What’s Happening In Venture Downunder?

The following article is an overview of the programmed content for our Venture Downunder event held in June this year. We have removed all names and associates to ensure our community remains anonymous and are able to speak freely and openly at every Innovation Bay event. 

In June, with support from our local partners and hosts Advance Queensland, Noosa Council, Office of the Queensland Chief Entrepreneur and Peregian Digital Hub, Innovation Bay brought together the Australia and New Zealand venture community in Noosa Queensland for the fifth annual hallmark event, Venture Downunder, to discuss the future of the industry. 

Across three epic days, our community of venture partners came together to connect, learn and help each other in building a leading global tech ecosystem. The agenda included opportunities to connect with local startups and ecosystem leaders, a deep day of peer to peer learning and a final day of community and relationship building.

A Queensland Startup Showcase was held with a handful of Queensland’s most promising and exciting startups pitched to a room full of the most influential VCs in the country. Pre-vetted by a panel of experts, founders joined us from GreaseBoss, Monarc Global, Leakster, Bloom and Endua. 

A full day of extensive programmed content was delivered including a Keynote Presentation on The State of the Market from Macquarie’s Head of Wealth Management Investment Strategy Jason Todd. Attendees cherry picked from nine back to back expert panels featuring incredibly talented speakers and moderators as vast as the ecosystem! Topics discussed in the peer to peer content included: 

Down Rounds & Protecting Your Portfolio: The bull market is over. Cost of living is rising, interest rates and inflation are up, and the public markets are down. How should VC fund managers react? We ask the questions to investors that have lived and invested through previous cycles before and dive into how we should think about protecting and managing our funds in the coming years.

Fund Structures: A deep dive into the structure of funds with incredible advice from one of the top law firms in the country.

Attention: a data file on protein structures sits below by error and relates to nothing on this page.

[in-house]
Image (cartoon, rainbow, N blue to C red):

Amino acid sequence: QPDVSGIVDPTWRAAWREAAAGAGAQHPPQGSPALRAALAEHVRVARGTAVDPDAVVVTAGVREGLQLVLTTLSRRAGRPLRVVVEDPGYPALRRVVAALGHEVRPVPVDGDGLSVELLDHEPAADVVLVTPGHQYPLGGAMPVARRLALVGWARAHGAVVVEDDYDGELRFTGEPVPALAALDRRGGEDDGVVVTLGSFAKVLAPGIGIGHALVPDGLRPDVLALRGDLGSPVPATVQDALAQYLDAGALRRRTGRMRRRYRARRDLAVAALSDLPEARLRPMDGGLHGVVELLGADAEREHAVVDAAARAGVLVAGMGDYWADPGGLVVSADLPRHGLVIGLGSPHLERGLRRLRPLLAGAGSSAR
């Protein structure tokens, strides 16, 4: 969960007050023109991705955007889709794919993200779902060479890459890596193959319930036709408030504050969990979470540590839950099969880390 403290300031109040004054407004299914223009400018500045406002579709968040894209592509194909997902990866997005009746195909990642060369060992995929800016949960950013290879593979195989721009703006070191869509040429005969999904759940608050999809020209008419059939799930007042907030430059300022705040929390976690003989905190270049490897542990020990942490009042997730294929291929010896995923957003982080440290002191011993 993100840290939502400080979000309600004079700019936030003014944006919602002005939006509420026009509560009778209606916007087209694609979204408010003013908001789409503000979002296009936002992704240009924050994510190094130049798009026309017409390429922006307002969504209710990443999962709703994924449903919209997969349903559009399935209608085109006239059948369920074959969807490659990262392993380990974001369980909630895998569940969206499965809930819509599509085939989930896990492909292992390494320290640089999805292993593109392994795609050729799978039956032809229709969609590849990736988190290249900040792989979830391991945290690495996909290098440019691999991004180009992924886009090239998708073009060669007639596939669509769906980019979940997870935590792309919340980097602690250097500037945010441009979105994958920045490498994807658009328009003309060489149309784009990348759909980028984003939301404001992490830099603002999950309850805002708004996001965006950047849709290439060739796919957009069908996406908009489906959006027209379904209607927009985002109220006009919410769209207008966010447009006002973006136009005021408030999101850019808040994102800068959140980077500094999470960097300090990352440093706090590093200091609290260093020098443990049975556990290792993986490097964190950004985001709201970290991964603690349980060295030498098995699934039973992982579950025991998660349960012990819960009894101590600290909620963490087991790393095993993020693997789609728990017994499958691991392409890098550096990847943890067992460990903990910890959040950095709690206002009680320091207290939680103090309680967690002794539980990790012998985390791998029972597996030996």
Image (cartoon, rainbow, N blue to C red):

Fund Strategy in a World of Huge Rounds: The last few years of venture have seen a material shift in growth funding strategies by later stage funds. This phenomenon began with Softbank with a smaller number of very large rounds and then industrialised through Tiger Global’s (and to a similar degree Insight Partners) approach to fast, broad ranging and significant growth funding rounds.

IPOs & Exits: Like many taboo topics, Exits are infrequently discussed and shrouded in mystery. This panel shone sunlight into this awkward but necessary corner of the VC investing life-cycle, that of Exits, Realisations, Liquidations and IPOs. It discussed the mundane and trivial, the strategic and important, and everything in between. 

Why Impact Will Outperform: This session took a look at why impact will outperform; climate and gender opportunities; measuring impact; and impact through the investing stages.

The Role of Debt In The Current Market: Debt comes in many flavours including Venture Debt, Quasi Debt and Revenue-based Financing. We learned about how these financing options work, and what the merits are for companies. Classical finance suggests an efficient capital structure should have Debt on the capital table. We learnt why.

Creating An Ambitious VC Brand: VC brands should be ambitious and aspirational. This panel taught us why and how to go about it.

QLD Startup Ecosystem: During this session, we heard from some of the key figures in the Queensland ecosystem and took their pulse on the sunshine state’s industry now and for the future. 

The Founder Funder Relationship: Trust and true partnership, alongside a long term focus, are critical to a relationship’s base. Founders need their VCs to be superfans, to get in the trenches with them with an aligned mission. This panel dissected the relationship between the startup founder and the VC fund manager. 

Jason Todd’s keynote highlighted what many already knew – that the next 12 months (at least) are going to be challenging. As a result of the global pandemic, governments and banks reacted by lowering rates and flooding the market with plentiful liquidity. As demand has recovered, we’ve seen inflation rear its head and, in turn, central banks trying to fix the problem by raising interest rates. These rising rates will hurt both valuations and interest coverage ratios. We’ve since seen exits slow with liquidity via IPOs all but completely dry. As the market reassesses valuations, it’s likely there will be a fall in returns across the next few quarters.